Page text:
Why The Closing Ceremony Is Basically Going To Feel Like It's Taking Place Outdoors

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On Sunday, Feb. 25, the 2018 Winter Olympics will officially come to a close, with the closing ceremony scheduled to take place at 6:00 a.m. ET. But after weeks of freezing temperatures, anyone who's been following the games to this point may have a temperature-related question on their minds: will the 2018 Olympics closing ceremony stadium be heated? Or will all those athletes, dignitaries, and spectators be braving the frigid weather?

The answer, sad to say for anyone in attendance (looking at you, Ivanka Trump), is no. The PyeongChang Olympic Stadium isn't a heated venue, for a very conspicuous reason ― it doesn't have a roof to help protect it from the elements. To the contrary, according to an internal International Olympic Committee (IOC) document obtained by Reuters, the stadium neither had a heating system nor a roof, because both were deemed too expensive, and because of concerns that the structure couldn't actually support a roof.

In other words, all the spectators who watched the opening ceremony in person, and all those who'll be doing the same for the closing ceremony, are going to be relying on the oldest cold weather trick in the book: dress in really, really, really warm clothing.

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These have been some of the coldest Winter Olympics ever, as well as with some of the most problematic weather. Multiple alpine skiing events ended up being delayed and rescheduled due to high winds sweeping across the tracks, a fact which forced some top talent, like U.S. skier Mikaela Shiffrin, to bow out of some events.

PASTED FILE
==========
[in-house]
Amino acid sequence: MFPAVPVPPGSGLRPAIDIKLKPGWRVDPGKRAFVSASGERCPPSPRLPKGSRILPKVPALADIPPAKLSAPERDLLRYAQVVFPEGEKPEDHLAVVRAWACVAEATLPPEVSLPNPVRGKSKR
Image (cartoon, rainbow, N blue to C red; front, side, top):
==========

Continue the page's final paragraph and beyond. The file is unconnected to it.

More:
In short, the low temperatures ― according to AccuWeather, PyeongChang averages just 23 degrees Fahrenheit in the month of February ― have made their presence felt all throughout the games. Some of the skiers have also complained of the snow being too cold, such that it damaged their skis in training runs.

And it'll rear its head one last time on Sunday, when the temperatures during the ceremony (it's taking place at night in PyeongChang local time) will once again send chills through the bodies of all in attendance. During the opening ceremony, it was so chilly that mobile devices exposed to the air for even a few minutes were reportedly rendered useless, their batteries drained by the biting cold.

Basically, all of this is an elaborate way of saying that it'd be great if the Olympic stadium was an enclosed structure with some manner of central heating system. But alas, that's not how it was planned, designed, or built, and thus sitting in the stands is an active battle with the elements. Any temperature below 38 degrees Fahrenheit, to be clear, is below freezing. At the time of this writing, it's approximately 7:00 a.m. local time in PyeongChang, and it's approximately 30 degrees Fahrenheit.

It's impossible to predict with perfect accuracy where those numbers will be by the time the ceremony starts. But hopefully, for the sake of everyone attending, it starts to warm up a little bit before things really get underway.

If you're looking to catch the closing ceremony ― and if you enjoyed all the artistry and dazzling visuals of the opening ceremony, why wouldn't you be? ― you'll be able to see it on Sunday evening, when NBC airs it in primetime.

In real time, to be clear, it'll be beginning at roughly 6:00 a.m. ET, but as with so much of its Olympics coverage, NBC will be airing it at 8:00 p.m. ET on Sunday evening. In short, if you're a Winter Olympics fan, you're going to want to set aside some time to watch, because this is your last taste until Beijing in 2022.